Sam is disillusioned and also becomes enamoured by a woman who he has dreamed about, Jill Layton (Kim Greist), but who he weirdly happens to then meet. She takes him away on a voyage of discovery, sprinkled with danger and adventure along the way, as well as meeting the actual dissenter, a rebel plumber by the name of Harry Tuttle (a riproaring Robert de Niro at his very best), and invoking the disapproval of his best friend Jack Lint (a wonderfully malevolent Michael Palin). We explore the very nature of escapism, and how our daydreams can become reality, but we have to be very careful about how we pursue them.

Brazil is a truly haunting film that reveals some bitter truths about the modern condition (and the ending is to die for!).


Image result for brazil movie

Delicatessen (1991)


Directors – Marc Caro, Jean-Pierre Jeunet

Writers – Gilles Adrien (screenplay and dialogue), Marc Caro (screenplay), Jean-Pierre Jeunet (screenplay)

You don’t get much more cynical, stylish or darkly humorous than this French delicacy. Never has there been such a sweet film made about such a, well, unsavory subject as this film is all about. What is it all about? It’s about eating things. Horrible things. You don’t really want to know what sort of things. Oh, you do? Well, you’d better see the film, hadn’t you? Just let me tell you a bit more about it first.


The story of the piece revolves around an apartment block built above a small delicatessen (hence the name) somewhere in France following some kind of apocalyptic atrocity in the near future. Food is now incredibly scarce, and is used as a commodity to survive. A butcher named Clapet (Jean-Claude Dreyfuss) advertises for helpers in his establishment, to which an out-of-work clown named Louison (Dominique Pinon) applies. The affable clown falls for the butcher’s charming daughter Julie (Marie-Laure Dougnac), who attempts to protect him from the horrors within. The clown has a dark secret that he must also come to terms with, and ensure that he, Julie and their friends can be saved.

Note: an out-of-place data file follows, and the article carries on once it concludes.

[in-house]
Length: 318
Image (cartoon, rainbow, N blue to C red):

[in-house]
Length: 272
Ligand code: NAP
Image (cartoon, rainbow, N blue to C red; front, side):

That director Jean-Pierre Jeunet went on to make Amelie and The City of Lost Children is more than conceivable due to its luscious, sumptuous scenery, shots and settings (a handful of which I had to include here!), but the dialogue and action of this original, offbeat offering are uniquely special in and of themselves and create a wondrous vision of an unusual world that we thankfully don’t exist in (just yet…).


Get your teeth into Delicatessen today!



Repo Man (1984)

Director – Alex Cox

Writer – Alex Cox

Remind me again, what is the code of the Repo Man? Made in the fading embers of the early years of punk rock, this film takes that attitude and hauls it into a new reality. We are brought to another dimension, jerking and being lurched along by the shirt collar. The humour is deliciously deadpan (“It happens sometimes. People just explode. Natural causes.”, “Not in my face!”) taking aspects of oddball comedy, B-movies, and action adventure, and making a distinctive genre all by itself.

Emilio Estavez, who plays bemused yet hardened central figure Otto, and Harry Dean Stanton, a surly, sagacious Bud who enlists Otto as a Repo Man when he sees him breaking into a car, make a great team, coolly ambling from one insane incident to the next, completely unfazed by the strangeness, just doing their job. They become embroiled in a shady, sinister government plot that is out of this world, encountering stiff secret service agents and out there conspiracy theorist Miller (the brilliantly offbeat Tracey Walter) as well as a raft of mixed-up punks, gangsters and rival repo agents. This film is a nuclear blast, and has an excellent soundtrack as well. Get it!

Repo Man can be yours, just follow this link!


Star Wars: Episode IV – A New Hope (1977)


Director – George Lucas

Writer – George Lucas

It is almost unbelieveable to think that some people in this universe still haven’t seen Star Wars: Episode IV – A New Hope. With the new set of Star Wars films coming out soon, we thought that we’d better enlighten those who have not yet witnessed the splendour of the original Star Wars movie where it all began a long time ago in a galaxy far, far away.

There’s this young guy named Luke Skywalker (a youthful Mark Hamill). He lives with his aunt and uncle on a dusty farm in a backwater part of the galaxy where nothing much ever happens. Then, one lazy day, some dizzy Droids drop in, the sparky R2-D2 (Kenny Baker) and pompous C-3PO (Anthony Daniels), who take Luke on a chain of events to meet Ben ‘Obi-Wan’ Kenobi (an immeasurably brilliant Alec Guiness) to embark on a quest to save Princess Leia (the delectable Carrie Fisher) that involves intergalactic upheaval, fierce starship battles, intense lightsaber fights, old, mystical religions being resurrected, planets being destroyed, some mean ass aliens, such as the kickass Chewbacca (Peter Mayhew) and super cool villains, including Peter Cushing (a malevolently ruthless Grand Moff Tarkin) and the iconic, fearsome Darth Vader (David Prowse, voiced by James Earl Jones) doing some serious rebel arse-whupping, all blending into a heady mix of space-based mayhem that gives you a maximum adrenaline rush.